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Handsome, economical Ford Edge an exemplary CUV

It’s one smooth operator, this 2012 Ford Edge.
Its handsome, sleek exterior and comfy, high-quality interior look and feel classy. Throw in excellent road manners and a well-honed drivetrain, and it’s easy to see why this midsize crossover is one of the most popular in the country.
New for 2012 is the addition of the optional, EcoBoost 2.0-liter four-cylinder powerplant. Ford is quite proud of this line of turbocharged, direct-injection engines, as well they should be. This little gem cranks out a generous 240 horsepower and a useful 270 pound-feet of torque, an output more expected of six cylinders than four. It propels the nearly 4,000-pound mass of the Edge quite readily.
It also manages exemplary fuel mileage — 21 city and 30 highway — on regular-grade gas, although the potential savings in fuel expenses are mitigated somewhat by the $995 surcharge over the standard V-6.
The six-speed automatic transmission goes about its business unobtrusively, but it does display a hesitancy to downshift when more power is sought quickly, such as in passing maneuvers.
Inside the Edge’s cabin are a pair of generously sized buckets up front and a nicely shaped second-row bench that can hold three passengers in relative comfort. They’ll be ensconced in a roomy cocoon carefully constructed of mostly high-grade plastics, much of it of the soft-touch variety, with accents of satin-finish metal and faux carbon fiber trim.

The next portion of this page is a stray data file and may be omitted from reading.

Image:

Our SEL-model tester was graced with nice leather upholstery with contrasting stitching adding visual interest.
The dashboard is chock-full of colorful digital displays, the only true gauge being a big speedometer. A large, center-mounted screen is the control center for the oft-maligned Sync system which bundles audio, climate, rear-camera view and navigation.

2012 Ford Edge SEL
Four-door, five-passenger midsize SUV
BASE PRICE/AS TESTED: $31,080/$35,165 (incl. delivery fees)
2.0-liter, turbocharged, DOHC inline four-cylinder; 240 horsepower; 270 pound-feet torque; six-speed automatic transmission; front-wheel drive
3,998 pounds
21 mpg city/30 highway (regular grade) 

Even once acquainted with it, the Sync still requires too much time looking away from the road to handle simple functions such as turning on the front-seat heaters or dialing a new radio station.
The Edge eases down the road in near-silence, a function of well-placed insulation, careful attention to aerodynamics and a thicker windshield with acoustic laminated glass to dampen wind noise.
Ford’s suspension tuners have done an exemplary job of dialing in a European feel, balancing the Edge’s taut handling with a smooth, compliant highway ride.
Earlier versions of the Edge were criticized for long braking distances, but that problem seems to have been cured as our tester’s brakes delivered strong stopping power.
The marketplace is full of midsize crossovers, but Ford has managed to serve up one of the best through excellent packaging, thoughtful details and unexpectedly economical performance. No wonder it’s a success.


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